The first impression you make when you step onto the stage is an important one. It is to your advantage to know what you should wear when you are on stage as well as what you should avoid wearing, in order to make sure your first impression a great one. Let’s begin with what not to wear…
1) Do not wear clothes that are too tight. Being uncomfortable is not the way to boost your confidence. It distracts you and your audience.
2) Don’t wear anything revealing. Not too low, not too short. You may think that I am directing this comment exclusively to women, but I have sat in audiences where the male speaker had a few too many buttons open on his shirt and to this day, I am hard pressed to remember what his message was.
3) Don’t wear a lot of jewelry. As a lover of beautiful jewelry, I enjoy seeing an elegant piece of jewelry that enhances an outfit. However, when it takes your eye away from the speaker’s face or their message, then it defeats its purpose.
4) An addendum to #3: Don’t wear noisy jewelry. One speaker I saw had so many bangle bracelets on that it sounded like musical accompaniment.
5) Don’t wear uncomfortable, ratty, outdated shoes on stage. I have a speaker friend who is most comfortable in 4-inch heels. I, on the other hand, am more confident in a lower, more stable heel. I have seen raggedy shoes worn by speakers on stage that are obviously the most comfortable pair they owned, but not appropriate to wear on stage. The thing you must remember is that on a stage, you are elevated from the audience. Depending on the height of the stage, your audience might in eye level to your shoes.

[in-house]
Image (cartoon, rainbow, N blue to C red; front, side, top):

As unfair as it is, people judge you based on what they see first and then on what you say and do. Follow these tips and you will avoid needless judgements and feel more calm, cool and collected for your next speaking gig.
Interested in learning how to avoid the pitfalls and shorten your journey to a successful speaking career? Then join Engaging Speakers to learn how you can “Speak Your Way to More Business”.
Author: Gail Brown, Founder of Engaging Speakers